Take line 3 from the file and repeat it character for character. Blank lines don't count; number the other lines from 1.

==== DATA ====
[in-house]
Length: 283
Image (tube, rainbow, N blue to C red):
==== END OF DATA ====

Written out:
Image (tube, rainbow, N blue to C red):